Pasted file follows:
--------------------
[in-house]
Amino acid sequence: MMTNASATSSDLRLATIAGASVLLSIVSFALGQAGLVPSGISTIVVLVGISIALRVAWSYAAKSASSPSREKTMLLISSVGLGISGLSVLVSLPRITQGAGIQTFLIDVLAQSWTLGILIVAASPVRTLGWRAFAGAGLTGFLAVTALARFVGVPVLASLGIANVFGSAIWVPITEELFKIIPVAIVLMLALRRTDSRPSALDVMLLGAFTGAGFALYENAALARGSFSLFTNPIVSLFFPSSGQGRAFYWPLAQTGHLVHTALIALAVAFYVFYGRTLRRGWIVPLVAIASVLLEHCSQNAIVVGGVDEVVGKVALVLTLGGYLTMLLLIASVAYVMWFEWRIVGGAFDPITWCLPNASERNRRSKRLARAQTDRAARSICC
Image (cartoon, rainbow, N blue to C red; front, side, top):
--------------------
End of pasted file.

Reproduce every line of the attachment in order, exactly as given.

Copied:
[in-house]
Amino acid sequence: MMTNASATSSDLRLATIAGASVLLSIVSFALGQAGLVPSGISTIVVLVGISIALRVAWSYAAKSASSPSREKTMLLISSVGLGISGLSVLVSLPRITQGAGIQTFLIDVLAQSWTLGILIVAASPVRTLGWRAFAGAGLTGFLAVTALARFVGVPVLASLGIANVFGSAIWVPITEELFKIIPVAIVLMLALRRTDSRPSALDVMLLGAFTGAGFALYENAALARGSFSLFTNPIVSLFFPSSGQGRAFYWPLAQTGHLVHTALIALAVAFYVFYGRTLRRGWIVPLVAIASVLLEHCSQNAIVVGGVDEVVGKVALVLTLGGYLTMLLLIASVAYVMWFEWRIVGGAFDPITWCLPNASERNRRSKRLARAQTDRAARSICC
Image (cartoon, rainbow, N blue to C red; front, side, top):